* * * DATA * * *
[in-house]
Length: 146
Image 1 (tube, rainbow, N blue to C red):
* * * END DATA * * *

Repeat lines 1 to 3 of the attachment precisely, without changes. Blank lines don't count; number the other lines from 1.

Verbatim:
[in-house]
Length: 146
Image 1 (tube, rainbow, N blue to C red):